Welcome to my month-end reading, listening and viewing recommendations, and my quick summaries of noteworthy local and global news!
Viewing, Listening & Reading
Watch — We Are Still Here, a Wohehiv Films documentary about Cheyenne and Arapaho descendants and their annual Sand Creek Spiritual Healing Run from the site of the Sand Creek Massacre in Eastern Colorado to the State Capitol in Denver, Colo.
Listen — Check out the Your Call podcast’s Thanksgiving episode, “This Land is Their Land.”
Read — John Okada’s No-No Boy has been called the “Great Japanese-American Novel.” It deals with questions we need to ask ourselves about our history and our self-understanding as a nation…Also, I’ve heard great things about A Different Mirror: A History of
“Food for Thought”
A not-so-new approach to forest management — Indigenous people have been managing forests for generations and could be key agents in the fight against climate change.
An unsung rebellion — Reenactors are usually associated with Civil War battles, but a different group of reenactors recently remembered an 1811 slave rebellion in Louisiana.
Why so many protests? — Protests have increased worldwide this year. Here’s a theory about why.
Mass deportations in U.S. not new — Our current immigration crisis harkens back to another time (and other times besides that one).
“Stories of Need”
At Home — A recent Associated Press investigation found that nearly 1,700 dams across the United States are at risk of rupturing…The U.S. has held nearly 70,000 migrant children in custody in 2019…Santa Clarita, Calif., and Fresno, Calif., joined the long list of places that have endured a mass shooting…95 percent of Los Angeles residents consider homelessness to be the metropolis’s no. 1 issue…A National Geographic profile of Ellis Island recalls how the iconic gateway shepherded millions into the United States, no visa or passport required…The strongest predictor of access to clean water in the United States is race…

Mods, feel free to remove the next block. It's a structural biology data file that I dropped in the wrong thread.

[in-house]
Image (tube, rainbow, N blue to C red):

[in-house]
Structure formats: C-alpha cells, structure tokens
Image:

Abroad — Germany did a very sensible thing by deciding to tax tampons as essential rather than luxury items…Illegal gold mining around the world has exacted a terrible cost in Indonesia…The Marshall Islands continue to deal with the sordid legacy of U.S. nuclear testing…Unrest continued in Hong Kong, buoyed by recent elections in favor of protestors, who have received behind-the-scenes assistance…Indian citizens protested a system that has led to extreme smog that closed schools for two days…The Italian city of Venice endured the worst floods in a generation…Deforestation of the Amazon continued apace in Brazil
These “everyday” individuals, families, businesses and communities have done or are doing extraordinary things:
AUSTIN (Texas) — Thanks to the
BROOMFIELD (Colorado) — An election-night sweep in my hometown signaled a new stage in local advocacy for affordable housing and in the debate over suburban fracking.
LIMESTONE COUNTY (Alabama) — Despite racism, droughts
VATICAN CITY — Pope Francis announced plans to visit South Sudan in the coming year to attempt to persuade warring forces to extend a tenuous peace.
LOS ANGELES (California) — Bogletch Gebre, a woman who led Ethiopia’s fight against female genital mutilation, died.
MARYLAND — When he was four, Tyler Stallings found out some veterans are unhoused. He’s now an 8-year-old and has made 3,000 “hero bags” — hygiene and grooming kits for homeless vets.